Implementing soft particles in WebGL and OpenGL ES

Particles are one of the easiest ways of improving the visual appearance of any scene. When we decided to update visuals of our 3D Buddha Live Wallpaper the most obvious way of filling in the empty space around Buddha statue was to add some smoke/fog particles. And we have achieved quite good looking results by using soft particles. In this article we will describe the implementation of soft particles in pure WebGL / OpenGL ES without any 3rd party library or engine used.

The difference between the old and updated app is even better than we expected. Simple smoke particles significantly improve the scene, making it visually more pleasing and rich. Particles add more detail to scene and improve transition from foreground objects to background:

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Before and after adding soft particles to the scene

You can see live WebGL demo here:

Soft Particles

So what are soft particles? You may remember that in most older games (Quake 3 and CS 1.6 times) smoke and explosion effects had clearly visible hard edges at intersections of particles with other geometries. All modern games got rid of this by using particles with soft edges around adjacent geometry.


What is needed to make particle edges soft? First, we need to have a scene depth information for particles shader to detect intersections and soften them. Then we will be able to detect exact places where particles intersect with geometry by comparing depth of scene and particle in fragment shader — intersection is where these depth values are equal. Let’s go through the rendering pipeline step-by-step. Both Android OpenGL ES and WebGL implementations of rendering are the same, the main difference is in loading resources. WebGL implementation is open-sourced and you can get it here —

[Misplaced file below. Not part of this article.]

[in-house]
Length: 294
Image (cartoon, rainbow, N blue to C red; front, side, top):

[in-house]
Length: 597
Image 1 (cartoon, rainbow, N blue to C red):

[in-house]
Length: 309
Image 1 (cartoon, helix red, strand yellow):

Rendering to depth texture

To render scene depth, we first need to create off-screen depth and colors textures and assign them to corresponding FBO. This stuff is done in the initOffscreen() method of BuddhaRenderer.js.

Actual rendering of depth scene objects is done in drawDepthObjects() which draws a Buddha statue and a floor plane. However, there’s one trick here. Since we don’t need color information but only depth, rendering of color is disabled by gl.colorMask(false, false, false, false) call, and then re-enabled by gl.colorMask(true, true, true, true). glcolorMask() can toggle rendering of red, green, blue, and alpha components individually so to completely skip writing to the color buffer we set all components to false and then re-enable them by setting them to true. Result depth information of the scene can be viewed by uncommenting the call to drawTestDepth() in drawScene() method. Because depth texture is single-channel, it is treated as red-only so green and blue channels have zero values. Result looks like this if visualized:

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Scene depth visualized

Rendering particles

Shader used for rendering of soft particles can be found in SoftDiffuseColoredShader.js. Let’s take a look at how it works.

The main idea of detecting intersection between particle and scene geometry is by comparing fragment depth with scene depth which is stored in texture.